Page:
In the previous batch of blogs, I covered the Trigger Manager script within the actual game. I did not cover the Trigger class or TriggerManager class created in C# that is used by the game script. This blog will cover both of these classes.
Both of these classes were compiled in C# as a .dll file. The statement used at the beginning of the game’s TriggerManager script, “using Battlestar”, gives the game access the methods and properties created in C#.
Here’s the Trigger class:
It is just a bare-bones class. It only possesses the variable declarations. Ordinarily, I would avoid this format; however, the database used by the game requires a barebones format. Each variable in this class represents a field in each record in the database table, “Trigger”. Since this class represents a barebones class, I created another class to access the database using this class.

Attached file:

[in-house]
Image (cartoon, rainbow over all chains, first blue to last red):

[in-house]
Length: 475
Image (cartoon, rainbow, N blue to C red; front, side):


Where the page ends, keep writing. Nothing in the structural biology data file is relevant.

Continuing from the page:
Here’s the TriggerManager class:
This class has actual operations that access the database. These are simplistic operations like: a save, delete and load operation. To access these operations, the game scripts use a statement like “Battlestar.TriggerManager.Load(vPath, vMission)” to access the commands in this class. The actual game scripts never touch the database; all database interactions are handled in .dll files.
While it would be simpler, in principle, to have the MonoDeveloper in Unity handle these operations, it’s necessary to implement the .dll file format due to the nature of MonoDeveloper. Unity dynamically generates class structures. This means that a class, like the Trigger class detailed above, would vary each game execution. This makes creating a stable table difficult from inside Unity. Using .dll files is the easiest solution to this problem.